Thursday, January 11, 2007

Nothing Funny About Comedy: How Teenagers Have Ruined Funny Films

This section is where I give serious essays on comedy.

My Taiwanese-American friend Mike and I went to a theater once to see a movie. There were loud teenyboppers yelling into their cell phones. Mike said "I gotta leave this theater," so we left. David Denby of the New Yorker recently wrote an article on how the multiplex experience is getting bad even for Hollywood studio heads. The article mentions cell phones. If he had courage he would have specifically blamed the teenyboppers on their mobile phones.

Cars was the highest-grossing comedy of '06. The top live-action comedy was Talladega Nights.Pretty funny, but neither Borat nor Little Miss Sunshine are on the list. Worst of all, there were three more computer-animated cartoon comedies beating it: Ice Age, Happy Feet and Over the Hedge. Even Seinfeld, who once said in Rolling Stone that comedy isn't ready for the movies, has decided to act in only one feature: Bee Movie, a computer-animated film.

You and I hate the glut of these films
. But what do teenyboppers have to do with the success of these films? Surely teenagers aren't the ones seeing Ice Age - families are. That's my point: teenagers have been so obnoxiously loud on their cell phones before and during the films that people are avoiding teen and adult comedies like the plague. Studios insist on marketing to teens. Why? Teen comedies have flopped one after the other. Remember Accepted, anybody? No. That's why the American Pie sequels are moving to DVD; teens are busy watching Nick Cannon films while fatigued, ruddy-faced fathers let out relaxed sighs at the latest computer-animal revue.

Kids are just as noisy as teens, of course, but teens go to the movies themselves more and more, especially with GPS-equipped cell phones ensuring their parents can check up on them without hearing that dreadful tinny emo music. However most parents don't drop off their small children at the movies. Thus parents prefer to take the family to kids' movies with children only as opposed to teen films where they might run into some delusional suburban brat who thinks he's gonna make the draft pick for Dipset.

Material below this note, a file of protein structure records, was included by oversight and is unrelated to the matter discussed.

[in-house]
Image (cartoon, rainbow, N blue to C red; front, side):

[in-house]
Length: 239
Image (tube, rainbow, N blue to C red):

In the '80s some of the greatest blockbusters were teen/college comedies. Ferris, Revenge of the Nerds Back to the Future . Now we toss Dane Cook films at the multiplex like burnt French fries at overfed seagulls. When they don't stick we wonder why.

So what's the future of comedy blockbusters in the movies? Not on the iPod or on the PC or the TV; I don't want to derail here. In the multiplex, what will bring in the laughsmoney? Night at the Museum was number one last week. It's a live action film about museum figures coming to life. So it had better be a family comedy with a few ironic asides for the adults. Oh, and if you see my friend Mike looking relaxed on the line for the movie, you know you've got a solid gold comedy hit.

4 comments:

Reel Fanatic said...

These kids today!! ... It is indeed depressing that movie makers continue to pander to them, even though they are abandoning the multiplexes like they're full of lepers

Cibbuano said...

I can't stand teenagers in any public space, but I get a kick out of adolescent humour. Basically, any movie where a guy blows his load after one pump, is a hilarious movie.

sammyray said...

" Night at the Museum" is both an insult and a commentary on American culture.

Mo! said...

Reel: Yes. I'm glad you agree. You most certainly seem to be more of an expert than me, so I feel vindicated.

Cibb: Uh may I suggest Idocracy? Best of both worlds.

Sammy: Even Ricky Gervais is susceptible to the Hollywood Comedy Career Killing Syndrome.